My first talk at Mt Carmel brought in what the pastor called "the biggest crowd ever" for such an event at the parish, a sign that many, many people want to really know more about the Mass, so they can make the most of their Sunday. Last night I just talked about the "sign language" in the liturgy, which is made up of syllables (drawn from creation), gestures and grammar (the way the liturgy thinks of time, for example). And then there is the predictability of the liturgy. We don't have to make it up fresh every Sunday; instead, all of us know pretty much "what's coming next" and that primes our hearts to respond more fully than we would on the spur of the moment, and to respond together, not just vocally but with all our being.
Really, ritual is your friend.
I remember when I was little, I loved to play jump rope. Not to just "jump rope" by myself, although that could be fun, too. I mean, play jump rope with others. It was a real advantage here to have two sisters close in age: that meant we always had the necessary quorum to provide two rope-turners and one jumper. Not that I was a very good jump-roper. I had to stand there for quite a few turns of the rope, trying to get the pulse into my body so that I could keep up. The predictability of that rope slapping the sidewalk was the condition for my interacting with it!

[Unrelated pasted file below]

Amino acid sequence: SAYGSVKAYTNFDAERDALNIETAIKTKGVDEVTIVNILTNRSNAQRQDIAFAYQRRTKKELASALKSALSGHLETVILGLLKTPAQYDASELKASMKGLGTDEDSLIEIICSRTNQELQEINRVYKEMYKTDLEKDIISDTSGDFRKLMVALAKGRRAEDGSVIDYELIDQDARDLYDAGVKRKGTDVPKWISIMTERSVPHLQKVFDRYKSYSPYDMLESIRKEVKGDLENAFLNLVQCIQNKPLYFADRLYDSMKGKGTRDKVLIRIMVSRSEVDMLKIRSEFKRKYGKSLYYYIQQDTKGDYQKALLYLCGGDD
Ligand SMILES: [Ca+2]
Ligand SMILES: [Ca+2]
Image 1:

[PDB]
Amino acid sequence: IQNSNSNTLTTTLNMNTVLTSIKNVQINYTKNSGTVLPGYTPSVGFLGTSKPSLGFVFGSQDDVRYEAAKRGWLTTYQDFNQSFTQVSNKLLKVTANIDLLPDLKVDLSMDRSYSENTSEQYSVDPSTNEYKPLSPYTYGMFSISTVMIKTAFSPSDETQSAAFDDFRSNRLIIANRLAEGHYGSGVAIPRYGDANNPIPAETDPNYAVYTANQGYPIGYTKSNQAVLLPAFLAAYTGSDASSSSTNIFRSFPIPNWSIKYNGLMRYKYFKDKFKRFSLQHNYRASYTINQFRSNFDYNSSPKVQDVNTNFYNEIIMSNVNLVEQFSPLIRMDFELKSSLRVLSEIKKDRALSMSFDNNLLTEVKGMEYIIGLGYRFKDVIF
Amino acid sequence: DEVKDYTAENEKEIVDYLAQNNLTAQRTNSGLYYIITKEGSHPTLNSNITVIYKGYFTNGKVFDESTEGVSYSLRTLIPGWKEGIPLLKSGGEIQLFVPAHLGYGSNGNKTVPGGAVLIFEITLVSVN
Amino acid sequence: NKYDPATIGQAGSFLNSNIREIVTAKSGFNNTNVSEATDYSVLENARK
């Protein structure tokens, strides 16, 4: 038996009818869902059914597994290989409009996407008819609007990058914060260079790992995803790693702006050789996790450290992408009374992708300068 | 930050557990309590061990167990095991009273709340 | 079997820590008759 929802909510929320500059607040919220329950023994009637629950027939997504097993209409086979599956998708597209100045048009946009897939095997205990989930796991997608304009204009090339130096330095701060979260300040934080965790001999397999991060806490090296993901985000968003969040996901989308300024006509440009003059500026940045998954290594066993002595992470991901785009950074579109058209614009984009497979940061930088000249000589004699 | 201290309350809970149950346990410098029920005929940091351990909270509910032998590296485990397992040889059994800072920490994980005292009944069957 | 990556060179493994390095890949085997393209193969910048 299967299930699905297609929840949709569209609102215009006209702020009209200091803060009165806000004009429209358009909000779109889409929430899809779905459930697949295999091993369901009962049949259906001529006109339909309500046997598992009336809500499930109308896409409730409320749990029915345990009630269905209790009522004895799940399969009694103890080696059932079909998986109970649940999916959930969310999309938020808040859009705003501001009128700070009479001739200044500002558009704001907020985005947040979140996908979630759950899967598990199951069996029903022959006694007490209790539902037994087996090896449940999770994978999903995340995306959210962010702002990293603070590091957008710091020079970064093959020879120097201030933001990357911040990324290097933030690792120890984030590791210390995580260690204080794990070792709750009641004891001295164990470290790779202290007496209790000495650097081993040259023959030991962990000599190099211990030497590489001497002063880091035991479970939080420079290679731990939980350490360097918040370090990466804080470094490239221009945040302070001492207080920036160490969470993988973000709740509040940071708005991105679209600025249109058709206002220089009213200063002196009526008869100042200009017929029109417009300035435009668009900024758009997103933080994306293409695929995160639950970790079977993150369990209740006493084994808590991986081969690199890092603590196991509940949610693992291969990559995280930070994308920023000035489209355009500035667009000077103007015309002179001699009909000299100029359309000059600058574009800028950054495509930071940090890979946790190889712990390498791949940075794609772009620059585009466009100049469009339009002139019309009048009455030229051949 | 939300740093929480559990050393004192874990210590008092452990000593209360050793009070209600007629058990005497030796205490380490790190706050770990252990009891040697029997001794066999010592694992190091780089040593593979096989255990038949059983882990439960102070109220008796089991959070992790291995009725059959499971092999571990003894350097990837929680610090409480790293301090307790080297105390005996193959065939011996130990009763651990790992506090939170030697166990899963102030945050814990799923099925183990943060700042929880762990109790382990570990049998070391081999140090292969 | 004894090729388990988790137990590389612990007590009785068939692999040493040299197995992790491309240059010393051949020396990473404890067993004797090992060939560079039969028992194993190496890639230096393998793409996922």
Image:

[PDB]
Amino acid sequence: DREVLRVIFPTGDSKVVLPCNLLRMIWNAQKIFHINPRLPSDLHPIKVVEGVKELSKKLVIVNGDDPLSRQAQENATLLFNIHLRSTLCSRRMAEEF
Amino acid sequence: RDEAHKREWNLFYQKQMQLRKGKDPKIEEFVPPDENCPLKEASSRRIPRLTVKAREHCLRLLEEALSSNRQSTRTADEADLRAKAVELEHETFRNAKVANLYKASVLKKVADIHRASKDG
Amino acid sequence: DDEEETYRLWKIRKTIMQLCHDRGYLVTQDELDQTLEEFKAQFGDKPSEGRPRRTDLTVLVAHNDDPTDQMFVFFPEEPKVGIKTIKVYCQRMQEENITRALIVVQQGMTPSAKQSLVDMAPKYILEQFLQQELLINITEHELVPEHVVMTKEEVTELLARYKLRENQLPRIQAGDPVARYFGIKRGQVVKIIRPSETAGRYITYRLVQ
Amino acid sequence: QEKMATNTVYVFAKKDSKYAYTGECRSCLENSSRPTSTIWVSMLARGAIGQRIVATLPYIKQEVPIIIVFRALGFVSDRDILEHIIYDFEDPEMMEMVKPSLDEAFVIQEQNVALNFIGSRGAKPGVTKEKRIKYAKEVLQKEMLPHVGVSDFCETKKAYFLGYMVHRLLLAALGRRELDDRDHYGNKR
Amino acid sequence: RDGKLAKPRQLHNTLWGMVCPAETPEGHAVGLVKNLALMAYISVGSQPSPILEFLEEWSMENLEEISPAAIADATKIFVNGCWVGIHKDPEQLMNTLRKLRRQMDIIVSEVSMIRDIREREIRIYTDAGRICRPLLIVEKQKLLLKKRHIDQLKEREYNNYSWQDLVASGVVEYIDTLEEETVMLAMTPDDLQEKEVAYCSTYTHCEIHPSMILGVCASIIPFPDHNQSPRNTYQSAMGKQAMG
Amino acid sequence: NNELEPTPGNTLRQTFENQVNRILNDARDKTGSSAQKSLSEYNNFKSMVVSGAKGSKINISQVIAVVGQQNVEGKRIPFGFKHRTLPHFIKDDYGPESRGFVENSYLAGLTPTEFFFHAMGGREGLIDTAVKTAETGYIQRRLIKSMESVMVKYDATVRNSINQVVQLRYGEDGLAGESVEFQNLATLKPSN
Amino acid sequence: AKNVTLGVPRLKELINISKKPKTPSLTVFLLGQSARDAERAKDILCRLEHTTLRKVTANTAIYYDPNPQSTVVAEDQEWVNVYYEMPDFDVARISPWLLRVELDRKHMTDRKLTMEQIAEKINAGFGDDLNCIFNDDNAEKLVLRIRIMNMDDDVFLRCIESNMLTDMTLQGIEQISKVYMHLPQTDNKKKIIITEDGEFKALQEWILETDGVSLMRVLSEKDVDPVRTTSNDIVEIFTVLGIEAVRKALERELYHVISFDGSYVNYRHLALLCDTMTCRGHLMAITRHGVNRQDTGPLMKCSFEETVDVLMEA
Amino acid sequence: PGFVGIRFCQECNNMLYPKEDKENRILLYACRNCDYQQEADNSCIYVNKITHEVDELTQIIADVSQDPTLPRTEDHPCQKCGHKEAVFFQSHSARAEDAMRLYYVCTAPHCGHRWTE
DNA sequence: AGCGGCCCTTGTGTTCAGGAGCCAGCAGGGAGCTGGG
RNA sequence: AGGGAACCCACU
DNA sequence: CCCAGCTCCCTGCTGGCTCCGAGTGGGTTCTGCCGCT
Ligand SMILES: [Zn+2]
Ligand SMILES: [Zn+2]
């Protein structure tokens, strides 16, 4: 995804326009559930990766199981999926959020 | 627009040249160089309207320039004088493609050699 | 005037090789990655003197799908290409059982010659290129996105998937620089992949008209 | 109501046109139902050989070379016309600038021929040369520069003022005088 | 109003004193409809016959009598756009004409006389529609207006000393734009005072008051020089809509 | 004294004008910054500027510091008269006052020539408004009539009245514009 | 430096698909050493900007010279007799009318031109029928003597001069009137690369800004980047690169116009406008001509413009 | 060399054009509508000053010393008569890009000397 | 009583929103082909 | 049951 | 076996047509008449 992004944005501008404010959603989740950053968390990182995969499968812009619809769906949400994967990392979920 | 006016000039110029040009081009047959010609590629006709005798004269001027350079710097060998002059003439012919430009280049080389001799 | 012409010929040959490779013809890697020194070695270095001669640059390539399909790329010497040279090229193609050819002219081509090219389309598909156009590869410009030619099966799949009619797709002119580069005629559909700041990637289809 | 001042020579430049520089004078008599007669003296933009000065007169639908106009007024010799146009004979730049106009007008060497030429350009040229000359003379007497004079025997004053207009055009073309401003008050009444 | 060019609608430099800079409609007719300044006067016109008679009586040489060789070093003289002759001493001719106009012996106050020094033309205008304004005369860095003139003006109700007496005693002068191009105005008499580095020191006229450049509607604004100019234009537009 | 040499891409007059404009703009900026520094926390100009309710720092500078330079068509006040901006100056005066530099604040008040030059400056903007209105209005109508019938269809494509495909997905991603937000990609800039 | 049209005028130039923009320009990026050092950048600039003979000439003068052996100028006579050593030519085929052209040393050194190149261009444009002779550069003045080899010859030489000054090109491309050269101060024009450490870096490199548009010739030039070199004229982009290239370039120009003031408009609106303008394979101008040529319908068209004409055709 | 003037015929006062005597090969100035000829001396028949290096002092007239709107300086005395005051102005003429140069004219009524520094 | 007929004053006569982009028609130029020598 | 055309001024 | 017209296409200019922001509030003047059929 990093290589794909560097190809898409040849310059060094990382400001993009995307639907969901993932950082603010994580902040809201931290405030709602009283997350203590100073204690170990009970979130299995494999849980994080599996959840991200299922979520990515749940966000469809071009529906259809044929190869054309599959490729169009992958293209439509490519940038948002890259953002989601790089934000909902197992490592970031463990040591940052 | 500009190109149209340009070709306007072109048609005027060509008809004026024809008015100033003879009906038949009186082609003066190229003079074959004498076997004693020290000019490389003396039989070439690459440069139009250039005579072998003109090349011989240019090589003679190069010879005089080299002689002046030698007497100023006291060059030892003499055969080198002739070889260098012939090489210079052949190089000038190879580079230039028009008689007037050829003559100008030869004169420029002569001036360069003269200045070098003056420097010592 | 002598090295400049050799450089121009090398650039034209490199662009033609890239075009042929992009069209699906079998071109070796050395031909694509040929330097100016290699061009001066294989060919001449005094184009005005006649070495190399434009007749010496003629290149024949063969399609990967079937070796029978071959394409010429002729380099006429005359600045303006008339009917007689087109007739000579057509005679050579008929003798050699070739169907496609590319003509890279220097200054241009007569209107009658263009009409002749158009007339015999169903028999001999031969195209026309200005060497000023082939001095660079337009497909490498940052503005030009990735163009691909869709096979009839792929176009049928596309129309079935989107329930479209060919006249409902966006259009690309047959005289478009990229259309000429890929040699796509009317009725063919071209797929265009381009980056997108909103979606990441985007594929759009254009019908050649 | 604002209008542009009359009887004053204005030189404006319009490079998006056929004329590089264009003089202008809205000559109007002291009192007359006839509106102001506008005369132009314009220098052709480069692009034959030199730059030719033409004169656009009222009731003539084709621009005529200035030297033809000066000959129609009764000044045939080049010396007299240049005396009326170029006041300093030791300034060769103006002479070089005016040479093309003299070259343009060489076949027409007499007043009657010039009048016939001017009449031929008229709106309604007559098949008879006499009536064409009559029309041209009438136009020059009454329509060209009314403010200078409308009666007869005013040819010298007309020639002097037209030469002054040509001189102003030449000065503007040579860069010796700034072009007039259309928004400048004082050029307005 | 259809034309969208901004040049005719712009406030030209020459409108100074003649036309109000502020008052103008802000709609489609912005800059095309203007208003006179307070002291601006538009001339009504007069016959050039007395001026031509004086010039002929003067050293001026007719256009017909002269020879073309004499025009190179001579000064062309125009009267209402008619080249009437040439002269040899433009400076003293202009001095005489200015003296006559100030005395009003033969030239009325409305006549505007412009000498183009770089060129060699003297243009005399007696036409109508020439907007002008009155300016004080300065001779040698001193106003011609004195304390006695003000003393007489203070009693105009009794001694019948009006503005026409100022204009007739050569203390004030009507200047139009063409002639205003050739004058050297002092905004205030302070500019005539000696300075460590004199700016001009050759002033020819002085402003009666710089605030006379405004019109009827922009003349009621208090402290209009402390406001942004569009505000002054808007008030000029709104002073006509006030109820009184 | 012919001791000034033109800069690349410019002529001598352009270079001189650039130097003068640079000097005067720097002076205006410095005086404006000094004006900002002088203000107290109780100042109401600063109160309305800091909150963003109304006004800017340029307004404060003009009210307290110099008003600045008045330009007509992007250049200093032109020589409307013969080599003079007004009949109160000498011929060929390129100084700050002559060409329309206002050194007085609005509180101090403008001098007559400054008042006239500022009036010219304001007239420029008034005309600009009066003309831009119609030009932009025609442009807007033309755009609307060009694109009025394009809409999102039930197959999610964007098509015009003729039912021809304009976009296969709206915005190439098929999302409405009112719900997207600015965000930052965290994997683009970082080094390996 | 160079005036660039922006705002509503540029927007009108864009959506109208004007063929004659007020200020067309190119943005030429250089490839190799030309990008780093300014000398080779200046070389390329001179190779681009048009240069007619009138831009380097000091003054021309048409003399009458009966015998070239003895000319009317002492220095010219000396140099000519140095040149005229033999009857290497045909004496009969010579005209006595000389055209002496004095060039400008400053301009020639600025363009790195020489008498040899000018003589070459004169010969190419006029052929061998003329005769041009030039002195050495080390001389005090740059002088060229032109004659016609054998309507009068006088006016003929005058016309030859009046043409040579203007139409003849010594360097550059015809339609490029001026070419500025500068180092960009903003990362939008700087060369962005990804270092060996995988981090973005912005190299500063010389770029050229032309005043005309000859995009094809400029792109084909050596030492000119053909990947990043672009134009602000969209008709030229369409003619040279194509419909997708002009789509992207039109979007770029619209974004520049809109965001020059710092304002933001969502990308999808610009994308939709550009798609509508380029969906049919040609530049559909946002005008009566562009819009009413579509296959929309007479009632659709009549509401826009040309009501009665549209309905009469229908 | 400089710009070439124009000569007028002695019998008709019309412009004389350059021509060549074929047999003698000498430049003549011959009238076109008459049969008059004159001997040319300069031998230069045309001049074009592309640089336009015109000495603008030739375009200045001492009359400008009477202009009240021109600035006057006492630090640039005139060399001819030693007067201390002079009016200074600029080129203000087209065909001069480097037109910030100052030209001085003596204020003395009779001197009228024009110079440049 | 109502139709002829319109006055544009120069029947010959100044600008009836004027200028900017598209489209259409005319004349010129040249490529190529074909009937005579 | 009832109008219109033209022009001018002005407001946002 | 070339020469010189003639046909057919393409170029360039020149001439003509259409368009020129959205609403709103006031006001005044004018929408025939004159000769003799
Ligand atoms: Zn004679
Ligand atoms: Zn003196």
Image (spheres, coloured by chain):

In the liturgy, the predictability actually helps us pray better, although if you really don't know what's going on, you could be like the woman who met me in the vestibule of St. Peter's the other evening, complaining that in the Catholic Church, "it's always the same thing, over and over" and she didn't get anything out of it. She seemed completely unaware that the Mass includes not one, not two, but three Scripture readings (not to mention the Psalm), and complained that Catholics don't use the Bible. I'm afraid the poor woman had never learned to enter into that "other" world the liturgy means to take us into: a world where the usual conditions of space and time don't apply. Liturgy is essentially contemplative, but she was hoping to find in liturgy the kind of "satisfaction" (that's the word she used) that personal prayer can often bring (at least in the first stages of the spiritual life). When we pray together, it's "no longer we" who give thanks and praise to God, but "Christ living in us" "to the glory of God the Father." But if we don't really have a personal prayer life, we are bound not to "get anything" out of liturgical prayer; it's like trying to converse in a language you never learned!